Culture At Large

Why I signed that evangelical scientists' letter on climate change

Clayton Carlson

A few weeks ago, along with about 200 other evangelical scientists and academics, I signed a letter calling Speaker John A. Boehner, Senate Majority Leader Harry Reid and members of the United States Congress to recognize that “climate change is real and action is urgently needed.” Here’s why I put my name on it.

A discussion of global climate change frequently devolves into a debate between self-described experts showing indecipherable graphs and tables. While I have spent a fair amount of time deciphering data from different federal and international scientific organizations, in the end I do not need data to be convinced of the threat of global climate change. I think we need to act to lower greenhouse gas emissions because of what Scripture says more than what arctic ice core samples say.

Scripture teaches that this is God’s good world and God has set up human beings as His stewards on Earth. We are to rule over the fish of the sea, the birds of the air and all that crawls across the ground. Clearly, God has entrusted us with much. Matthew reminds us of what God expects from His stewards. The foolish servant in Matthew 25 returns to the master exactly what he was given, no more and no less. The master says of him, “Throw that worthless servant outside, into the darkness, where there is much weeping and gnashing of teeth.” How would the master have responded if the servant had squandered and wasted what he had been given? I want to do whatever I can to protect and improve what God has entrusted to me so that one day He will say, “Well done good and faithful servant … come and share your master’s happiness.”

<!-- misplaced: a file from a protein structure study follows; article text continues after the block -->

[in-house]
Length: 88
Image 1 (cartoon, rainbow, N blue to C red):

We need to act to lower greenhouse gas emissions because of what Scripture says more than what arctic ice core samples say.

In addition to belonging to God, this world also belongs to our children. If any of us had invested money from our children’s college savings account in a company that was doing poorly, I do not think we would wait until the company was totally bankrupt before we decided to act. The prudent action would be to evaluate the opinions of experts, pray for wisdom and do whatever is best to protect the future of our children. Why would we consider waiting until it is too late to try to stem the damage of global climate change?

Skeptics may decry my lack of faith and assure me that God will provide a solution to global climate change. God has provided a solution. He has given His church hundreds of scientists of faith who are praying that individuals, churches and political leaders have the courage and will to do what is needed to lower greenhouse gas emissions and be faithful stewards of God’s world.

We cannot risk abusing what God has given us to that point that we leave our children with a hotter, drier, more dangerous world. If there is even a chance that the science is right (and I am certain that it is), then we must act as families, churches, cities and nations to do whatever is necessary to lower carbon-dioxide emissions before it is too late. Our God and our children are watching.

Topics: Culture At Large, Science & Technology, Environment